The Cedar Log Cabin

The Story of Living In & Restoring a Settler's Log Cabin

Dreams of a Log Exterior

The exterior of the cabin is cement over metal lath. Embedded into the outside surface of the cement, is crushed stone. The metal lath is nailed to vertical lumber that is nailed to the logs.

At the beginning, I was hopeful that the exterior cement surface could be removed, the logs re-chinked, and it would be a beautiful log cabin from the outside as well as the inside. I knew that the cedar logs would provide good insulation, as long as there was insulation between the exterior and interior chinking.

However, once I took off some cement where the sill logs were rotten to replace them, I ran headlong into a sad fact. When the vertical lumber was nailed to the logs for the metal lath, they had crudely chopped out channels in the logs where the logs were uneven. It was brutally done, with no regard for the logs. There was no way to repair this. If a section or two had been chopped out, it could have passed, but there were vertical chopped out sections every 12 to 14 inches, and it was a mess.

Another problem with this exterior, is that it left a gap that was between one and four inches between the logs and the metal lath. There was no insulation in that gap, and I guess it was for the better, as anything but foam would have held moisture, and things could have been worse.

The problem with the gaps, was that it was a home for wildlife – especially milk snakes, mice and ants. There took place a major battle between me and these snakes, mice and ants. I didn't want to hurt them, but I did want them out from the walls, because they would find their way into the cabin.

On the west side of the cabin where the grade was higher than the top of the foundation, tree roots from the nearby spruce were growing up into the gap.

damage to log exterior

Logs were chopped even for the nailing of the vertical lumber that held the metal lath. It was a shame, as other than the sill logs, the logs were in great shape and had a nice weathered grey colour.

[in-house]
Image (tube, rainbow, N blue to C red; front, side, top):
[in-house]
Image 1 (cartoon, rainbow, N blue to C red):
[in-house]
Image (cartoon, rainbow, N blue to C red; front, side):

view of exterior walls under cement

Before the yard was regraded, the ground was about 16 inches higher at this side of the cabin (West), so all but the top few inches of what is exposed after removing the cement had been below grade. I decided to give up on having it look like a log cabin on the outside. The plan now, was just to replace the rotten wood with pressure treated and try to restore the outside the way it was for now, then parge over the entire surface at some time and paint. I would take a section about four feet across and chop and rip out the rotten wood.

snake in wall

Yet another milk snake in the wall.

roots in walls

Roots from nearby spruce trees growing into the wall. This section had been below grade before the yard was regraded.

rotton sills

The sill logs were completely rotted and had to be removed.

Replacing Sill Logs

new logs

Once all the rotten wood was cleaned out, I coated all the remaining wood with green wood preservative, then rammed in a new section of treated log into the gap. After, all gaps were filled with spray foam insulation.

foaming around gaps

New sill logs in place and gaps filled with foam insulation.


foam boards in wall

Gaps between verticals were filled with foam board insulation.

ext wall tar paper

Tar paper was put over the whole area.

temp boards

Temporary boards were screwed on the wall over tar paper, to hold it flat against the wall, while spray foam insulation was injected through holes. Because of the snakes and mice getting in the gaps in the walls, I decided to try and fill every possible gap there was, and at the same time insulating. I started from the bottom and worked up.

spraying foam into walls

After the temporary 2X4's were screwed on to the wall, I drilled holes and filled with foam insulation.

foam expanding

When it was curing, it expanded and hopefully filled all gaps.

Re Cementing

cement board installed on wall

After the foam set, the 2X4's were removed and cement board screwed to the wall, then parged over with cement.

wall parged

After the cement board was installed and the parging done, I coated what was to be exposed to the ground with foundation sealer, and back filled with sand. I intended to parge the entire exterior and paint in time, but the cabin was sold before I finished that job. This picture is the wall that had been below grade before the yard was regraded.

wall done from front

The entire circumference of the cabin exterior was completed. All the rot had been finally removed. You can see a line where the stone surfaced cement is above the work line, and the plain parging below.


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Originally the content in this site was a book that was sold through Amazon worldwide. However, I wanted this story available to everyone free of charge, so I made this website. The ads on the site help cover the cost of maintaining the site and keeping it available.

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